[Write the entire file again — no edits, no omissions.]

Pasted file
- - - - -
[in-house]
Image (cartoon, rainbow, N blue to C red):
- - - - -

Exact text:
[in-house]
Image (cartoon, rainbow, N blue to C red):